Friday, February 8, 2013

Early Victorian Wedding Customs, part 2 (1837-1860)

Victorian Wedding Dresses
Photo Source: Squidoo
.by Angela Magnotti Andrews

Of course, the most important Early Victorian wedding detail was the wedding dress, followed in importance by the groom’s attire and the attire of their attendants. The trend toward all-white weddings was being established, though it would be some time before white wedding dresses would become fashionable.

It began with Queen Victoria’s decision to depart form the customary Royal silver for her gown. It was further established in the late 1850s, when Queen Victoria insisted that the next two Royal brides (Princess Alexandra and Princess Alice) follow her lead and wear a white silk gown from Spitalfields with white Honiton lace and white orange blossoms.

Her insistence on white wedding dresses came in part because she was a hopeless romantic in deep mourning, always trying to both avoid and recreate her happiest moments with Albert. Her second reason came from her love of Dickens and her over-identification with the poor and downtrodden. Since her wedding in 1840, she had worked tirelessly to revive two downtrodden areas of London, Spitalfields and Beer. Her insistence on white Spitalfields satin and Honiton lace from Beer would supply these communities with work and income for months.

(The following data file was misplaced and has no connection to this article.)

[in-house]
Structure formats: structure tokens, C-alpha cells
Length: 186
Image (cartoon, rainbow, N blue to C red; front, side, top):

Since white fabric was harder to come by and was fairly impractical for most Early Victorian ladies, who could not afford to wear a dress only once, it would take a couple of decades for white wedding gowns to become the norm. For this reason, many early 1800s brides wore blue, soft green, cream, or ivory dresses. Some colonial brides ever wore brown or black gowns. The blue wedding dress was a holdover tradition from the Georgian Era, when blue stood as the symbol of purity. These gowns, simple and without much embellishment, were worn later for daily wear or for Court presentation.

Depending on the resources available to the bride and her family, the dress might have been made of organdy, linen, silk, or cashmere, and it may have included tulle, gauze, or lace to accentuate the hemlines, shoulders, collar, and/or sleeves. No matter which materials were chosen, the Early Victorian wedding dress consisted of a form-fitting bodice with its trim waistline tucked into a full flowing skirt worn over hoops and petticoats.


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